A federal judge has postponed the Trump administration’s threatened shutdown of TikTok in the US, finding a ban against the popular Chinese-owned app hampers free speech.
District Judge Wendy Beetlestone on Friday granted a preliminary injunction in a lawsuit challenging Trump’s order brought by a Pennsylvania comedian and two other TikTok creators. She also noted their concerns over their income and career opportunities.
The ban, she said, would “have the effect of shutting down, within the United States, a platform for expressive activity used by approximately 700 million individuals globally.”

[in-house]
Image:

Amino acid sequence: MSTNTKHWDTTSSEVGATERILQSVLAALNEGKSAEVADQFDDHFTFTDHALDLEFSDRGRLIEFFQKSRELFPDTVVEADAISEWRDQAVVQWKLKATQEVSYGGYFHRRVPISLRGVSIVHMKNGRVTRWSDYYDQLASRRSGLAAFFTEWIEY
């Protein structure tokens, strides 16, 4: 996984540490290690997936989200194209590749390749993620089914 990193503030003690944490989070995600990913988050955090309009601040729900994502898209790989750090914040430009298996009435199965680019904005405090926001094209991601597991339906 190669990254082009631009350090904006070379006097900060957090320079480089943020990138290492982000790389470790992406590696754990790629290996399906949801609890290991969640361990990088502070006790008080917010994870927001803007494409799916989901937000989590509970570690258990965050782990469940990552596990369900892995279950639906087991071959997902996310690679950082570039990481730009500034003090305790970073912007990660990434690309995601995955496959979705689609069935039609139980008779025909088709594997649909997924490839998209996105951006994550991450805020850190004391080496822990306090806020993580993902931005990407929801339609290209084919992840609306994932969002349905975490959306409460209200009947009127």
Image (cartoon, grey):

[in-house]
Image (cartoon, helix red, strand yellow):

President Donald Trump signed an executive order in August that bars any US transactions with TikTok’s Chinese parent company, ByteDance, saying the data TikTok collects “threatens to allow the Chinese Communist Party access to Americans’ personal and proprietary information.” The data could allow China to track the location of federal employees and contractors, the executive order said. In September, a federal judged granted TikTok’s request for a preliminary injunction against the order.
A separate executive order, issued later in August, ordered ByteDance to sell its US operations by Nov. 12, leading to a potential deal with Oracle and Walmart, which is currently up in the air.